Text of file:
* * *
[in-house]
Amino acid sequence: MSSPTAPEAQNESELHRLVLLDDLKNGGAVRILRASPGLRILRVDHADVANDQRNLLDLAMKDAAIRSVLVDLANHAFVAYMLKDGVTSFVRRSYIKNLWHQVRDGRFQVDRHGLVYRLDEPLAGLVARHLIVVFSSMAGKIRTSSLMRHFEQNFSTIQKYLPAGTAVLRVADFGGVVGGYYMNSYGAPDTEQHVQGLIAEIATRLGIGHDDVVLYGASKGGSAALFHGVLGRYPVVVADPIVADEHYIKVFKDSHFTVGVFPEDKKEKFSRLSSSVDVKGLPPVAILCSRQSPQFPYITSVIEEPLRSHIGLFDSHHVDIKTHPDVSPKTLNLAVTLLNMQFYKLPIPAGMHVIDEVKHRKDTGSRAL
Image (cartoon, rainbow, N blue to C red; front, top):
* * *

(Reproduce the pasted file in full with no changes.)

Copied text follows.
[in-house]
Amino acid sequence: MSSPTAPEAQNESELHRLVLLDDLKNGGAVRILRASPGLRILRVDHADVANDQRNLLDLAMKDAAIRSVLVDLANHAFVAYMLKDGVTSFVRRSYIKNLWHQVRDGRFQVDRHGLVYRLDEPLAGLVARHLIVVFSSMAGKIRTSSLMRHFEQNFSTIQKYLPAGTAVLRVADFGGVVGGYYMNSYGAPDTEQHVQGLIAEIATRLGIGHDDVVLYGASKGGSAALFHGVLGRYPVVVADPIVADEHYIKVFKDSHFTVGVFPEDKKEKFSRLSSSVDVKGLPPVAILCSRQSPQFPYITSVIEEPLRSHIGLFDSHHVDIKTHPDVSPKTLNLAVTLLNMQFYKLPIPAGMHVIDEVKHRKDTGSRAL
Image (cartoon, rainbow, N blue to C red; front, top):